C: I even mounted some on the wall next to the pegboard. I've got some spare quick disconnects in one of them, some gelatin packets I use when making finings, etc. Nice thing about these bins is even if labeled as some are, I can see what's in them.

D: Hard to show well here, but there are two aluminum....prongs that I made attached to the underside of the shelves. That's where I store my hydrometers, long thermometers, poor-man's bottle filling attachment. Up and out of the way, but easily accessible.

E: Everybody needs a paper-towel dispenser handy, right?

F: (on the bottom), the rolling cabinet on the right; it functions the same as if I had counter space to the right of the sink.


If I had that blank canvas, I wouldn't go any wider than about 8 feet, and I wouldn't go any deeper than about 8 feet.

Further, I'd start with the placement of the sink--since that often is predetermined by drains and pipes and such--and build out from there. The other issue would be dealing with steam. Vent hood? Steam slayer? That is the other main issue.

Anyway, enough blathering. This should give you some things to think on w/r/t how and where you place things, AND how many steps you want to take to move around the brew area. For me, I want fewer steps.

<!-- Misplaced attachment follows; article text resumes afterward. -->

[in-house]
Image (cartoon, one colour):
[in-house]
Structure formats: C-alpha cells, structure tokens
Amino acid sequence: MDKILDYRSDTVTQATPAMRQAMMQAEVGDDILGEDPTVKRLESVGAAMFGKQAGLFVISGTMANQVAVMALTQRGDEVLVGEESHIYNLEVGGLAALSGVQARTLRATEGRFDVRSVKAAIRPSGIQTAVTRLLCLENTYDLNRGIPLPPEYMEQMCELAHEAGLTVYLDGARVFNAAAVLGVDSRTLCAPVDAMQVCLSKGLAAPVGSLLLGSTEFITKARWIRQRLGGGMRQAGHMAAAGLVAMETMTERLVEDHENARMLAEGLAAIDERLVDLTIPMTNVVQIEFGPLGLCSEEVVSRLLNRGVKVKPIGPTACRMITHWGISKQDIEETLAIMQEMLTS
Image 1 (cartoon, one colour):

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Redpappy

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@mongoose33 , I was out brewing a Blue moon today, in which it brought up a question. Since it seems that our kettles are very similar I thought I would see how you handle the bag with the heating element....Do you use a false bottom? My set up currently is with a Wilser bag, and I try to be very carefully if I have to heat up the mash temp ( like today, temp dropped to 148 after I added my grains)

Not only am I working with a blank canvas, but I am also going from propane to Electric. This is a project that will be taking me a few years to do.

I have to do some measurements, but I think my currant brew stand will still work for me. If it does, that will help out a lot, since it does have wheels....I may need to make some adjustment to my lift, but that should still be doable. In that case I will be able to roll it where I need it to go, since everything else should be easily disconnected.

Now to answer some questions of yours..

As of right now, everything is able to move to a different location, so far I have already moved my keeper/ferment twice. Along with your thoughts, I am looking at where to place my sink.